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Formula 1: Recapping the past week’s news

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Below are some of the biggest headlines from the FIA Formula 1 World Championship during this past week.

Haas, Williams Reveal Their 2018 Cars

Haas F1 Team and Williams Martini Racing became the first teams to unveil their 2018 cars, Haas doing so on Wednesday and Williams doing so on Thursday.

The Haas F1 Team VF-18. Photo courtesy Haas F1 Team

Team launches are scheduled to continue next week. Below are other confirmed launch dates, with Sahara Force India the only team not to confirm a date as of writing.

February 19 – Red Bull Racing

February 20 -Alfa Romeo Sauber, Renault Sport F1 Team

February 22 – Scuderia Ferrari, Mercedes AMG Petronas

February 23 – McLaren F1 Team

February 26 – Scuderia Toro Rosso

 

Alonso to Contest Full Slate of Formula 1, WEC Races in 2018

Although Fernando Alonso previously confirmed his plans to contest FIA World Endurance Championship events, including the 24 Hours of Le Mans, with TOYOTA GAZOOย Racing, a conflict of dates between Formula 1’s U.S. Grand Prix and the WEC’s 6 Hours of Fuji saw both events originally scheduled for the same weekend, October 21, with the assumption being that Alonso would skip the Fuji WEC round to stick with his full-time Formula 1 duties with McLaren.

However, the WEC Fuji round has subsequently been moved up one week to October 14, meaning that Alonso will be able to contest all rounds of the WEC in 2018 alongside his full-season Formula 1 campaign.

However, the move now puts the 6 Hours of Fuji in conflict with the Petit Le Mans, the season finale of the IMSA WeatherTech SportsCar Championship.

Such drivers as Harry Tincknell, Mike Conway, Bruno Senna, Renger van der Zande, and Augusto Farfus rank among those who would affected by the conflict, as all were originally scheduled to contest both events.

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Toyota No. 8 car wins the 24 Hours of Le Mans for third consecutive year

24 Hours of Le Mans
JEAN-FRANCOIS MONIER/AFP via Getty Images
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LE MANS, France — Toyota Gazoo’s No. 8 car comfortably won the 24 Hours of Le Mans by five laps Sunday to secure a third straight victory in the prestigious endurance race.

It was also a third consecutive win for Swiss driver Sebastien Buemi and Japan’s Kazuki Nakajima driving. Brendon Hartley was the other driver, having replaced two-time Formula One champion Fernando Alonso.

Buemi and Hartley sat on the side of the car as Nakajima drove toward the podium. Hartley won for a second time after tasting success with the Porsche LMP Team in 2017 before an unhappy season in Formula One.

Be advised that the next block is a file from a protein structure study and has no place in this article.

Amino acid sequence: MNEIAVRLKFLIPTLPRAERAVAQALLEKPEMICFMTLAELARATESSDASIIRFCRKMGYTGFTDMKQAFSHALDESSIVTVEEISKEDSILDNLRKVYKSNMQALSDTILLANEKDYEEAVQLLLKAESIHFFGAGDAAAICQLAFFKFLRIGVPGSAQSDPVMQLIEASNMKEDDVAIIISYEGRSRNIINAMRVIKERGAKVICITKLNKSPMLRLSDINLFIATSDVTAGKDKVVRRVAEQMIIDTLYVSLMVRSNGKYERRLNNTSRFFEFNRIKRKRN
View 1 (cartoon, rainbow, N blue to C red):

The Swiss team’s Rebellion No. 1 featured American driver Gustavo Menezes and Brazilian Bruno Senna – the nephew of late F1 great Ayrton Senna.

It finished one lap ahead of Toyota Gazoo’s No. 7, with Rebellion’s No. 3 finishing in fourth place.

For much of the race it looked like Toyota’s No. 7 would win after leading comfortably from pole position. But late into the night the car encountered an engine problem and the 30-minute stop in the stands proved costly.

The race was first held in 1923. A total of 252,500 spectators attended in 2019, but there were none this year when the race started three months late because of the novel coronavirus (COVID-19) pandemic.

“We miss the fans,” New Zealander Hartley said. “I look forward to seeing all the fans again.”

In other divisions:

United Autosports won the LMP2 division with the entry of Filipe Albuquerque, Paul Di Resta and Phil Hanson.

–In LMGTE Pro, the victory was claimed by Aston Martin Vantage AMR of Maxime Martin, Alex Lynn and Harry Tincknell (who drives for Mazda in the DPi division of IMSA).

–TF Sport won the LMGTE Am class.

The Toyota No. 7 took pole after former F1 driver Kamui Kobayashi narrowly edged out the Rebellion No. 1 team in qualifying.

In damp and humid conditions Mike Conway got away cleanly from the start, while Senna held off Buemi.

After nearly seven hours, Toyota’s No. 8 fell back after a 10-minute stop in the stands to fix a brake-cooling problem on Kazuki Nakajima’s car. Rebellion’s No. 1, driven by Frenchman Norman Nato, took advantage to move into second place behind Toyota’s No. 7.

Then came the decisive moment at 2:40 a.m. as the No. 7 – also featuring Argentine Jose Maria Lopez – encountered a turbo problem. When the car came back out it was back in fourth.

“We had a few problems early in the race,” Nakajima said. “Later they had a bigger issue than us.”

Rebellion’s No. 1 encountered a problem on the hood at around 9 a.m. and the change took six minutes, allowing the Rebellion No. 3 (Nathanael Berthon-Louis Deletraz-Romain Dumas) to close the gap.

It was becoming a tight battle between the two Rebellion cars behind Toyota’s No. 8.

At 12 p.m. Rebellion No. 3 with Dumas behind the wheel was only one second ahead of No. 1 driven by Menezes. Then both cars came in for a driver change with Deletraz swapping for Dumas on a lengthy stop, and Nato for Menezes as Rebellion No. 1 suddenly moved ahead of its team rival.

Dumas, a winner in 2016 with Porsche, appeared unhappy at the strategy decision to bring his car in first and the length of the stop. There were tense explanations in the team garage.

Colombian Tatiana Calderon, an F1 test driver with Alfa Romeo, was in the Richard Mille Racing Team in the LMP2 category. She was joined by German Sophia Florsch – an F3 driver – and Dutchwoman Beitske Visser. They placed ninth out of 24 in their category.